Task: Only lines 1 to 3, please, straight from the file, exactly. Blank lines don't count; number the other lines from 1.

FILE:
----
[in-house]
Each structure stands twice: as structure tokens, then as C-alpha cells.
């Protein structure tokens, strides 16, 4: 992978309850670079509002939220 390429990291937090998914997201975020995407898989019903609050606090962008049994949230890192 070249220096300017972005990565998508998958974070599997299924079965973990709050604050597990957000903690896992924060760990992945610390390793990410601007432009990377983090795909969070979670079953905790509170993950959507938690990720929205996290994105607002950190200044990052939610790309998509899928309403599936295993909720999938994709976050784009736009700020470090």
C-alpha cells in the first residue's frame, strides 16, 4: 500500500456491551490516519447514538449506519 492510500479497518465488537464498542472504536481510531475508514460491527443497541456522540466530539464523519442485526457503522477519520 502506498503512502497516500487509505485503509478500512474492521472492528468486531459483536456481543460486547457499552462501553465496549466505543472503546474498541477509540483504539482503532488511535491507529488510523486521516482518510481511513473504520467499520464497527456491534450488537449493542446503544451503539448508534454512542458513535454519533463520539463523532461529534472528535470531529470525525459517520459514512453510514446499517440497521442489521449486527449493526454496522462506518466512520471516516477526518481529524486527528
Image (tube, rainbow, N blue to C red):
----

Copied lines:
[in-house]
Each structure stands twice: as structure tokens, then as C-alpha cells.
């Protein structure tokens, strides 16, 4: 992978309850670079509002939220 390429990291937090998914997201975020995407898989019903609050606090962008049994949230890192 070249220096300017972005990565998508998958974070599997299924079965973990709050604050597990957000903690896992924060760990992945610390390793990410601007432009990377983090795909969070979670079953905790509170993950959507938690990720929205996290994105607002950190200044990052939610790309998509899928309403599936295993909720999938994709976050784009736009700020470090």